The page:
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Giant HAIL & Big TORNADO 3 Day Storm Event Begins in Texas Tomorrow & heads East

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The Hail could be scary sized tomorrow.
Stay indoors DFW.
God bless everyone,
T
https://www.venmo.com/TEric-Lewison
https://www.paypal.me/thornews
send mail to
5430 Birdwood Rd. #416
Houston, Tx 77096

latest crankywxguy blog
http://www.stormhamster.com/entry2/e041619.htm

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https://weather.com/storms/severe/news/2019-04-12-severe-threat-tornado-wind-hail-mid-april

Three-Day Threat of Severe Thunderstorms, Including Tornadoes, in the Plains, South, Midwest and East Begins Wednesday

Yet another multi-day severe weather threat looms this week.
It begins in the Plains and parts of the Midwest Wednesday.
Severe thunderstorms will then spread to the Ohio Valley and Deep South Thursday.
By Friday, the severe threat should reach the East.
Damaging winds, hail, tornadoes and flooding rain are all threats.
This could include areas hit by severe weather this past weekend.
Following a severe weather outbreak this past weekend, another multi-day siege of severe thunderstorms and heavy rain is expected to begin Wednesday in the Plains before spreading into parts of the South, Midwest and East.

Another rather vigorous southward plunge of the jet stream will pivot out of the Desert Southwest into the Plains Wednesday, then lumber through the rest of the South and East through the end of the week.

In response to that active jet stream, a low-pressure system will develop in the Plains, importing increasingly warm and humid air from the Gulf of Mexico ahead of it.

As a result, we expect numerous thunderstorms to develop in the Plains, Midwest and South starting Wednesday, spreading eastward Thursday and Friday.

While key details such as exact timing and the magnitude of the event remain uncertain at this time, damaging thunderstorm winds, hail, tornadoes and some flooding rainfall are all threats.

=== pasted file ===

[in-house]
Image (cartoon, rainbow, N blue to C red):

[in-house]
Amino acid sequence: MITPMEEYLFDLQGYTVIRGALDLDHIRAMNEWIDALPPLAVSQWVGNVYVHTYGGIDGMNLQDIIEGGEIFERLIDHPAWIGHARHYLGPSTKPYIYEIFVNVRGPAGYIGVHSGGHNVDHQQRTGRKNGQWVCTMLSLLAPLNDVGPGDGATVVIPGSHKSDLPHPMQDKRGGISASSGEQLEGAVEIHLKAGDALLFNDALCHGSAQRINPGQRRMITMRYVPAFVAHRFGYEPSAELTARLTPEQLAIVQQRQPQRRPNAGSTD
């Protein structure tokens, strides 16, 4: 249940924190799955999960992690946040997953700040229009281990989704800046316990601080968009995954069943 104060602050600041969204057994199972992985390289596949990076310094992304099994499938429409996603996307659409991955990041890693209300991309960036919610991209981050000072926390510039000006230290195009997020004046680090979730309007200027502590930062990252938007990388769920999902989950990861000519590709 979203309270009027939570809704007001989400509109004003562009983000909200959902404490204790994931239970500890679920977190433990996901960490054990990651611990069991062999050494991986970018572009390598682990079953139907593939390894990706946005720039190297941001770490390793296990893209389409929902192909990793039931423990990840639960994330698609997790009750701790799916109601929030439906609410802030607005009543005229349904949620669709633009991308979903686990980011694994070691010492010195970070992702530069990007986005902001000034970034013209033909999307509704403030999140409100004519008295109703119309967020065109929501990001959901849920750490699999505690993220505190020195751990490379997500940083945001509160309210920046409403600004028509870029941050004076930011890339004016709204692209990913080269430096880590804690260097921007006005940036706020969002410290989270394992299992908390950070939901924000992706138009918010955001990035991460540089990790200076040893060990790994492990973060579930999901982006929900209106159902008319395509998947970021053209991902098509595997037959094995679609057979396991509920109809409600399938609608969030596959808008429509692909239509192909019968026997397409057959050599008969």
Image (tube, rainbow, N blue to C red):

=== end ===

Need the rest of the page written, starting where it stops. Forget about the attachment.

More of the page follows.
Here's a look at the day-by-day overview of what we know right now.

Wednesday
After a brief lull, severe thunderstorms are expected to flare up once again Wednesday afternoon, particularly in portions of Oklahoma, Texas and western Arkansas. Large hail, damaging winds and tornadoes are all threats there, although large hail appears to be the main threat.

Other severe thunderstorms are possible Wednesday from parts of Kansas to the Midwest, with large hail being the primary threat, although damaging winds and locally flooding rain are also possible.

Severe thunderstorms may sweep into the mid-Mississippi Valley southward into Louisiana and southeastern Texas Wednesday night.

Heavy rainfall may also result in flash flooding.

Thursday
Thunderstorms will be ongoing early Thursday and will continue into Thursday night.

Severe thunderstorms are most probable Thursday in the Deep South from the lower Mississippi Valley to parts of the Florida Panhandle, Alabama and Middle Tennessee. At least a few severe storms are possible farther north into parts of the Ohio Valley.

This activity may be in the form of a long line of thunderstorms with damaging winds, hail and perhaps some tornadoes.

Parts of Louisiana and Mississippi appear to have the greatest chance for tornadoes Thursday, particularly if any supercells develop ahead of the main line of thunderstorms.

This line of storms may sweep eastward Thursday night into the Ohio Valley, southern Appalachians and Tennessee Valley.

Locally heavy rain may trigger flash flooding in some areas.

Friday
Thunderstorms should be quite numerous Friday up and down the East Coast from Florida to the Northeast.

The magnitude of the severe threat remains uncertain. Strong thunderstorm winds, hail and flooding rain are on the table Friday as this line of storms lumbers eastward.

Some areas may pick up as much as 3 inches of rainfall from parts of Texas to the Mississippi and Tennessee valleys. Heavy rainfall on already-saturated ground may lead to flash flooding in some locations.

This system will also bring soaking rain to the upper Midwest, where snowpack remains in place. The melting of that snow, in combination with the rain, could aggravate ongoing river flooding.

April is generally the first month in what is typically the peak of severe weather activity in the United States, which runs from April through June.

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